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High Line Clears Hurdle for Beer and Wine Service

By DNAinfo Staff on April 13, 2011 11:53am

The Chelsea Market Passage, where Friends of the High Line plan to offer one part of their food and beverage service.
The Chelsea Market Passage, where Friends of the High Line plan to offer one part of their food and beverage service.
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Courtesy of Friends of the High Line

By Tara Kyle

DNAinfo Reporter/Producer

HELL'S KITCHEN — The High Line's plan to offer cold draughts on hot summer days is one step closer to reality.

Friends of the High Line, the organization that oversees the elevated park, won support Tuesday night for its plan to launch beer and wine service this summer, but not before they heard an array of concerns from Community Board 4's liquor license committee.

The High Line will offer alcohol and food in two areas, above Chelsea Market and at the northern end of a second section of the park that's due to open in late spring.

Because the northern operation, which will sit beneath the park in an industrial area between West 29th and West 30th streets and Tenth Avenue, will serve a capacity of roughly 350 people, it raised the bulk of the concerns among board members.

"I think it's a great amenity, but it's going to get away from you," said committee co-chair Lisa Daglian, raising the specter of a beer garden-like atmosphere emerging.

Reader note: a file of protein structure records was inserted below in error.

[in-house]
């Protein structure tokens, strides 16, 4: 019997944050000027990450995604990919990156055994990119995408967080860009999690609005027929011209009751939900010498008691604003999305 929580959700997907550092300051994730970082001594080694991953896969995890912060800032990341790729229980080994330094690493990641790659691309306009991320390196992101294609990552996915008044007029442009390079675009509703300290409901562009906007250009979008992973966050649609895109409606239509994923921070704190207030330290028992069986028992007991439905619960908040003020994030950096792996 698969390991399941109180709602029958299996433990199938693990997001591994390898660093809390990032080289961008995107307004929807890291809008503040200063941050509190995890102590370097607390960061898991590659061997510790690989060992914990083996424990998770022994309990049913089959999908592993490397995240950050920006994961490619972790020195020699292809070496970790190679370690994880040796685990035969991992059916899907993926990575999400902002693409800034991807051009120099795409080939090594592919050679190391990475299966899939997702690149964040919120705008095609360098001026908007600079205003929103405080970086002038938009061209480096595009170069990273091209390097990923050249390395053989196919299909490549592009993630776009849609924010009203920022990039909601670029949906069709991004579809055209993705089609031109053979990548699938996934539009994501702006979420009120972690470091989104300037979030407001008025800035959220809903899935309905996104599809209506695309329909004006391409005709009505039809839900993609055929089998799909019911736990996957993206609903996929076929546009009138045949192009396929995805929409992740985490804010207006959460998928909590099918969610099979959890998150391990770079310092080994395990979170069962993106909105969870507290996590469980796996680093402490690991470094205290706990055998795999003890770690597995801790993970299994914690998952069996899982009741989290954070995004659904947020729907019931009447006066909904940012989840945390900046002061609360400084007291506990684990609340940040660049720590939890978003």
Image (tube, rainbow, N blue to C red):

That's not the intent, however, of the former rail line's management. Founder Joshua David and Director of Food Melina Shannon-DiPietro talked about forging a family-friendly environment.

In order to do so, they'll also offer art installations, films and activities including roller-skating and salsa classes in a shared space with the food and beverage service (offered in partnership with Colicchio and Sons).

David also said that Friends of the High Line is well practiced in the art of crowd control — staffers conduct a head count of park visitors once an hour every day.

Injecting alcohol into the equation, however, would present a new set of challenges, committee co-chair Paul Seres pointed out.

The alcohol service above Chelsea Market is much smaller in scale, serving around 40 at a time. Members asked Friends of the High Line to prevent visitors from taking beverages of any kind outside of the cordoned off area — lest visitors tried to stroll out with beer in the guise of soda.

Before ultimately receiving the committee's support for beverage service near West 30th Street, Friends of the High Line accepted conditions including making visitors over 21 get hand stamps or bracelets to show they're of drinking age.

The park will also increase seating from 200 to 250, in order to reduce the number of people milling around with beers and stemware in hand.

Despite the reservations over a large-scale beer and liquor operation, CB4 chair John Weis praised the High Line for trying to inject some life into the still-desolate neighborhood.

"This isn't what I was envisioning," Weis said. "But I think it's terrific that it's something that will bring people to the northern end."

The next step for Friends of the High Line will be a vote by CB4's full board at the May 4 meeting. The State Liquor Authority will have the final word.